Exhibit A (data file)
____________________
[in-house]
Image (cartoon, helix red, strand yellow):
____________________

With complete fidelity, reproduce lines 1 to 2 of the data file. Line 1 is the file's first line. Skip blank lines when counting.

[in-house]
Image (cartoon, helix red, strand yellow):